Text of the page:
If, like me, you are likely to be fired, anyway, there's no real downside to this strategy. Let's give it a try.

Door Number Three -Bob X. Cringely

Giant Data Warehouses with Web Access Culture.....march forward and don't fire till you see the whites of their eyes!

I should add that those strongly invested in the redneck Protestant suburbanite or urbane Catholic social justice cultures are like the peasants and indigenous peoples during WW2 -spectators, soldiers or victims in a battle they do not guide. This won't be about valuing all humans equally and giving them equal access to food and housing, and it won't be about giving white rednecks a default safe haven. Both those agendas will only live on in the minds of the old or irrelevant.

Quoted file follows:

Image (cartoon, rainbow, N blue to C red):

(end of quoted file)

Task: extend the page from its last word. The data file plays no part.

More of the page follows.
Eastern US Useless Moneychangers Culture in the news with their views:

1 comment:

The Serpent Lord said...

Somehow reminds me of Jericho.

Other ways to frame the two cultures is Open vs. Closed or "Knowledge is Power" vs. "Ignorance is Strength." But simple slogans can distract us from the critical differences between a culture of information power keeping the United States an economic and technological leader and a culture of disinformation power turning the United States an energy-based oligarchy.